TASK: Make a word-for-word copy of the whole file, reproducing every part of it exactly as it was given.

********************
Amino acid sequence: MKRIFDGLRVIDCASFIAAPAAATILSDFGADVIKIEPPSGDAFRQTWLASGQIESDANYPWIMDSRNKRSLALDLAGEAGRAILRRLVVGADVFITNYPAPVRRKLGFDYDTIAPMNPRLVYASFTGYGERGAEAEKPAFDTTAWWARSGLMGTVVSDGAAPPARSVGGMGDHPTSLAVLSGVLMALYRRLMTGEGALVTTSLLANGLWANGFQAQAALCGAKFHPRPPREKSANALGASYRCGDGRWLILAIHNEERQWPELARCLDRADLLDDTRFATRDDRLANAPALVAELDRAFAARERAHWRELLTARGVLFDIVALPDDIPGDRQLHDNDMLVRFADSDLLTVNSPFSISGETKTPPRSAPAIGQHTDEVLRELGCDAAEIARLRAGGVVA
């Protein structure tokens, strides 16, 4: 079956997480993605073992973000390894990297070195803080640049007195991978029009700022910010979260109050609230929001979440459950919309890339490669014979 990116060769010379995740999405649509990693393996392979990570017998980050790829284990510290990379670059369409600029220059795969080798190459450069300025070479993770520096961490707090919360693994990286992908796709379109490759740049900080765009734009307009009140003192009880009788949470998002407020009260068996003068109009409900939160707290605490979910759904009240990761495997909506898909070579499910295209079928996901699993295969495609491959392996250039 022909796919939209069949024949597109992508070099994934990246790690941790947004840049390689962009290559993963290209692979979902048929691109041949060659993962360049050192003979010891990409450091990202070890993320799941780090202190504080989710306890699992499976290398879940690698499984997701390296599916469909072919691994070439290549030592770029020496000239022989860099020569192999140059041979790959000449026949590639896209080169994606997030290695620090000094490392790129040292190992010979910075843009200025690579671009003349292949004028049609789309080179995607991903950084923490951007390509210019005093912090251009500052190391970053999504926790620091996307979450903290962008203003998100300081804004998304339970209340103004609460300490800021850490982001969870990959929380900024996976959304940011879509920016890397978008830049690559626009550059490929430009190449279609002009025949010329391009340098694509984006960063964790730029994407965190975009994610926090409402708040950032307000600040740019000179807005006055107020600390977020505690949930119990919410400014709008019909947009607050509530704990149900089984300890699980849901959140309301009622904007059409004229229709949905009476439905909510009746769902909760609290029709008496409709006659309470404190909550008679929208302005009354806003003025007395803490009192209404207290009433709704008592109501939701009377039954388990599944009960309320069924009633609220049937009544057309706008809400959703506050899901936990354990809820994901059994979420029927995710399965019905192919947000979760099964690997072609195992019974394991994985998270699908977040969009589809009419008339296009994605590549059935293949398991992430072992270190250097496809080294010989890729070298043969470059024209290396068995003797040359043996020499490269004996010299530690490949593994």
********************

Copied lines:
Amino acid sequence: MKRIFDGLRVIDCASFIAAPAAATILSDFGADVIKIEPPSGDAFRQTWLASGQIESDANYPWIMDSRNKRSLALDLAGEAGRAILRRLVVGADVFITNYPAPVRRKLGFDYDTIAPMNPRLVYASFTGYGERGAEAEKPAFDTTAWWARSGLMGTVVSDGAAPPARSVGGMGDHPTSLAVLSGVLMALYRRLMTGEGALVTTSLLANGLWANGFQAQAALCGAKFHPRPPREKSANALGASYRCGDGRWLILAIHNEERQWPELARCLDRADLLDDTRFATRDDRLANAPALVAELDRAFAARERAHWRELLTARGVLFDIVALPDDIPGDRQLHDNDMLVRFADSDLLTVNSPFSISGETKTPPRSAPAIGQHTDEVLRELGCDAAEIARLRAGGVVA
């Protein structure tokens, strides 16, 4: 079956997480993605073992973000390894990297070195803080640049007195991978029009700022910010979260109050609230929001979440459950919309890339490669014979 990116060769010379995740999405649509990693393996392979990570017998980050790829284990510290990379670059369409600029220059795969080798190459450069300025070479993770520096961490707090919360693994990286992908796709379109490759740049900080765009734009307009009140003192009880009788949470998002407020009260068996003068109009409900939160707290605490979910759904009240990761495997909506898909070579499910295209079928996901699993295969495609491959392996250039 022909796919939209069949024949597109992508070099994934990246790690941790947004840049390689962009290559993963290209692979979902048929691109041949060659993962360049050192003979010891990409450091990202070890993320799941780090202190504080989710306890699992499976290398879940690698499984997701390296599916469909072919691994070439290549030592770029020496000239022989860099020569192999140059041979790959000449026949590639896209080169994606997030290695620090000094490392790129040292190992010979910075843009200025690579671009003349292949004028049609789309080179995607991903950084923490951007390509210019005093912090251009500052190391970053999504926790620091996307979450903290962008203003998100300081804004998304339970209340103004609460300490800021850490982001969870990959929380900024996976959304940011879509920016890397978008830049690559626009550059490929430009190449279609002009025949010329391009340098694509984006960063964790730029994407965190975009994610926090409402708040950032307000600040740019000179807005006055107020600390977020505690949930119990919410400014709008019909947009607050509530704990149900089984300890699980849901959140309301009622904007059409004229229709949905009476439905909510009746769902909760609290029709008496409709006659309470404190909550008679929208302005009354806003003025007395803490009192209404207290009433709704008592109501939701009377039954388990599944009960309320069924009633609220049937009544057309706008809400959703506050899901936990354990809820994901059994979420029927995710399965019905192919947000979760099964690997072609195992019974394991994985998270699908977040969009589809009419008339296009994605590549059935293949398991992430072992270190250097496809080294010989890729070298043969470059024209290396068995003797040359043996020499490269004996010299530690490949593994």